Research shows that boycotts don’t tend to do long-term damage to companies’ bottom lines, and that only about a quarter of them bring about desired change at the institutions targeted. But SoulCycle and Equinox are nonetheless more vulnerable to the effects of a boycott because of how they market themselves as lifestyle brands, according to research by Mary-Hunter McDonnell and Brayden King, management professors who have compiled an extensive database of hundreds of corporate boycotts.
“Building a strong reputation as a socially responsible firm creates certain expectations, making incongruent behavior more noticeable and damaging to the firm’s image,” the authors wrote.
SoulCycle, for instance, sells itself as a “meditative fitness experience that’s designed to benefit the body, mind and soul.” It positions itself as a company that is pro-woman and pro-LGBTQ, and it partnered with the NAACP Legal Defense and Educational Fund to organize fundraising rides during Black History Month.
Similarly, Equinox’s tagline is “It’s not fitness. It’s life.” The company goes big on Pride Month promotions. In 2018 it unveiled a “line of one-of-a-kind luxury products” to feature “extraordinarily committed people and organizations.” Offerings included lipstick made from “blank newspaper pages from The Washington Post” and a perfume “infused with the actual DNA of Kathrine Switzer, the first woman to run the Boston Marathon.”
Leaders of many companies believe marketing themselves in similarly “prosocial” ways will insulate them from criticism, McDonnell and King write: “Proactive social responsibility is thought to deter activists from opportunistically launching campaigns against a company.”
But their research showed the opposite. They compiled a database of boycotts against 189 firms between 1999 and 2005, culled from contemporary media reports. They measured the pro-social marketing of these firms by searching news release databases for releases from these companies dealing with “social justice and diversity initiatives, disaster relief, environmental protection programs, promotion of education, and support of the arts.” They compared these firms to other Fortune 500 companies that were not targeted by a boycott during the study period.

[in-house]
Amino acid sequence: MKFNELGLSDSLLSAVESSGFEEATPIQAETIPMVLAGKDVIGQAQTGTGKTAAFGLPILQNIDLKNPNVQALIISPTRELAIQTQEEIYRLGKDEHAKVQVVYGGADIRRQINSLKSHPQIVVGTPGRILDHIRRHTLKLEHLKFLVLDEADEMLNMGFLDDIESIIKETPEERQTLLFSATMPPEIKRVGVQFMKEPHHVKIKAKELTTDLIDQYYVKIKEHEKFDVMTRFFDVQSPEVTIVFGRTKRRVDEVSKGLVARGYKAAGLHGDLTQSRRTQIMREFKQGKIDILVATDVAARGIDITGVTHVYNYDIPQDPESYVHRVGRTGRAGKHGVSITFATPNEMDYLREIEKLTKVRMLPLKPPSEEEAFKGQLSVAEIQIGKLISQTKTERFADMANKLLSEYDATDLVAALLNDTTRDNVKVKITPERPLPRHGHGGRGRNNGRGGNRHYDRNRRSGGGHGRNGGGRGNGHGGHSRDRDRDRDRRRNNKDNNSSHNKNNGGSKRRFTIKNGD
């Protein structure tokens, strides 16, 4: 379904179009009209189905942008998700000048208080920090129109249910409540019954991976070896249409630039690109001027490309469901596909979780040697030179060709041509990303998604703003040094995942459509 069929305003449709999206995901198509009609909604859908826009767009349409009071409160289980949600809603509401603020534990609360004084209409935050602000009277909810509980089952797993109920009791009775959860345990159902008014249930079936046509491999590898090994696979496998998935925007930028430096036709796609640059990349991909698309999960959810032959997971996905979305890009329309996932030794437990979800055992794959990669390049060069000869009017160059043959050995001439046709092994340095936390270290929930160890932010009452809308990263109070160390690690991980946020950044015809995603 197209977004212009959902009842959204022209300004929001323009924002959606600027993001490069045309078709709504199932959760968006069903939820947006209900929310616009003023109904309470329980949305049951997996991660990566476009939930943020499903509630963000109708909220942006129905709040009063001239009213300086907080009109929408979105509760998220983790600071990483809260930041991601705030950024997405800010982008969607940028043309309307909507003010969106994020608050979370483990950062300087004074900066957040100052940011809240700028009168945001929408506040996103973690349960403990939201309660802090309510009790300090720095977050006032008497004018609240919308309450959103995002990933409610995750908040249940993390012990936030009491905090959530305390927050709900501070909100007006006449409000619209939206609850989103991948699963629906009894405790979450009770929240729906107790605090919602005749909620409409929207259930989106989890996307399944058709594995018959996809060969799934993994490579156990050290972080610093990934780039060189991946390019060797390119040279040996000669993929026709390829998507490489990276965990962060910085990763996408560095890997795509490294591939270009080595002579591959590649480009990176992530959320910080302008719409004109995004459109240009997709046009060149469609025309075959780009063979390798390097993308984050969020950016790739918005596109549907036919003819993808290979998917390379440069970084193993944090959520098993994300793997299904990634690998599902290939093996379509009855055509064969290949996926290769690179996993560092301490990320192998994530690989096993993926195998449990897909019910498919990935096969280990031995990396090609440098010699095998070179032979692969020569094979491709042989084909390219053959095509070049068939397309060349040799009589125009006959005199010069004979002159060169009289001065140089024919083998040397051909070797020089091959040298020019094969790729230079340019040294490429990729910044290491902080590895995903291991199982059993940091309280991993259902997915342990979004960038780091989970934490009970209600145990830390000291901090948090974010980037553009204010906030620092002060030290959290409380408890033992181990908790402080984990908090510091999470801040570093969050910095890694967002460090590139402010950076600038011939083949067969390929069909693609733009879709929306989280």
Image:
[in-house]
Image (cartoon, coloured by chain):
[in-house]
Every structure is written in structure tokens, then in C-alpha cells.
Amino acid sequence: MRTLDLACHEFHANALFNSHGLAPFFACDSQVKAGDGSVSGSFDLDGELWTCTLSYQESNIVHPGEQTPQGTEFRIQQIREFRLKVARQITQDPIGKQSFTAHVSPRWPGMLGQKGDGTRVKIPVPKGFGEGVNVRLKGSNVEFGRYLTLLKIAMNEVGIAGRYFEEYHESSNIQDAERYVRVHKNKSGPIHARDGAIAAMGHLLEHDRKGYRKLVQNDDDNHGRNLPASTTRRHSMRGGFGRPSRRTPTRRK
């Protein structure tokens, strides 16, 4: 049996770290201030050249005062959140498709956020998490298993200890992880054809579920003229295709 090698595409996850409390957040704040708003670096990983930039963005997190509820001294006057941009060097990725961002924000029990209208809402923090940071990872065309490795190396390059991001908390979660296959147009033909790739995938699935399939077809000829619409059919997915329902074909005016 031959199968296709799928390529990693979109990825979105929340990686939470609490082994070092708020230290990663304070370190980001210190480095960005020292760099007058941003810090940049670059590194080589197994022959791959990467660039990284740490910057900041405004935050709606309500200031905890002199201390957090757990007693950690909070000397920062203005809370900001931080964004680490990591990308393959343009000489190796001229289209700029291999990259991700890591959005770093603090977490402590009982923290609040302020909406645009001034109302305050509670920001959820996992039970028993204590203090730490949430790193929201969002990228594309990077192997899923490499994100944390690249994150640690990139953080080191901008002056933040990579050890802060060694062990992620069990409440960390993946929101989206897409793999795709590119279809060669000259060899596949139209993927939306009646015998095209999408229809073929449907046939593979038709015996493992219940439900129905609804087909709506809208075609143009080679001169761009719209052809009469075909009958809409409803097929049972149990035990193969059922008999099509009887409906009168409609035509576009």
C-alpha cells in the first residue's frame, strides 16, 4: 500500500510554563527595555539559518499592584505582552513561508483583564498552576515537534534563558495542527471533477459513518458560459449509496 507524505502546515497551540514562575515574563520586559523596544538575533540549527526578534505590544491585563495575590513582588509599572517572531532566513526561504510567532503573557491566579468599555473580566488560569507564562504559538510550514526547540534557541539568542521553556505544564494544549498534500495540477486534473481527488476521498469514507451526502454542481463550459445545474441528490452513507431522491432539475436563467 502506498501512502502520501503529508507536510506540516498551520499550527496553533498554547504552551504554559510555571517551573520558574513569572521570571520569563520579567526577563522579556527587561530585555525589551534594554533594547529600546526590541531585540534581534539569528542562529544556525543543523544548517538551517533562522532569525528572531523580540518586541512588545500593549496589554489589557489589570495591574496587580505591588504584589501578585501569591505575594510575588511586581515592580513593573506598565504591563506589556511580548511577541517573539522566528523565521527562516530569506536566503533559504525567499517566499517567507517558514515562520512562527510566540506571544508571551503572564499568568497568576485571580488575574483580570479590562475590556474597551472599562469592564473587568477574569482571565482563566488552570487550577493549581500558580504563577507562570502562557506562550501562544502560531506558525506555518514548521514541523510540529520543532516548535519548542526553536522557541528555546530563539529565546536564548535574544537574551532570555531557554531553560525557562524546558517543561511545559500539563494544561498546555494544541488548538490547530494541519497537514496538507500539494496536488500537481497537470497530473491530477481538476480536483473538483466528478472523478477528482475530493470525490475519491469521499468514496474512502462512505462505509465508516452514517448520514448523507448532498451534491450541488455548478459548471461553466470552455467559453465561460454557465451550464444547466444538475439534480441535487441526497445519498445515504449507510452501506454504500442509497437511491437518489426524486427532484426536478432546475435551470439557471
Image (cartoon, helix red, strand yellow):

They found that companies that were more aggressive in their pro-social marketing were also more likely to be targeted by a boycott in a given year.
“Rather than buffering a firm from being targeted, these results suggest that a firm’s prosocial activity may make it more vulnerable to being targeted,” McDonnell and King wrote. “Firms that actively engage in prosocial activities and implicitly make claims about being socially responsible appear to synchronously be making themselves more shame-able.”
Ironically, McDonnell and King found that firms targeted by boycotts often respond by increasing their pro-social messaging. The classic example in this case is Nike: In the 1990s, the company was the target of boycotts over its use of sweatshop labor. The firm responded by changing its practices and overhauling its public image. It “now proudly touts its commitment to environmental responsibility, implementing environment-friendly policies that caused the Dow Jones Sustainability Index to include the firm,” as McDonnell and King wrote.
Whether SoulCycle and Equinox will undergo a similar transformation remains to be seen. Following the initial outcry, SoulCycle chief executive Melanie Whelan issued a statement saying the company “in no way endorses the political fundraising event” organized by Stephen Ross. On Friday, the company went on to announce that it was inviting each of its instructors to “teach a community ride for a cause of their choice,” donating the proceeds “to the social justice causes our instructors and studio teams select.” The statement noted the company planned to respond to the controversy with “diversity, inclusion, acceptance, and love.”
Ross’s Friday fundraiser went on as planned.